Mexico's New Politics: The PAN and Democratic Change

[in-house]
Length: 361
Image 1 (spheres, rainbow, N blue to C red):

Mexico's presidential elections in July 2000 brought victory to National Action Party (PAN) candidate Vicente Fox and also the hope of democratic change after decades of single-party rule. Tracing the key themes and dynamics of a century of political development in Mexico, David Shirk explores the evolution of the party that ultimately became the vehicle for Fox's success. Shirk examines the factors that constrained democracy in postrevolutionary Mexico, as well as the protracted democratic transition that occurred over the last few decades. In the process, he shows that Fox's victory was also the triumph of a new Mexican politics in which voters, candidates, money, and media-driven campaigns not party leaders or machines drive political competition. Indeed, Fox's ability to bring democratic change to Mexico, Shirk demonstrates, has been fundamentally constrained by the very trends that brought him to power with enormous implications for Mexico's political present and future.
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